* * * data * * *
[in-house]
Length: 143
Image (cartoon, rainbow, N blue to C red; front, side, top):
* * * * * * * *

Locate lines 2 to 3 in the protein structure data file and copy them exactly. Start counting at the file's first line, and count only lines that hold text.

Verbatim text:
Length: 143
Image (cartoon, rainbow, N blue to C red; front, side, top):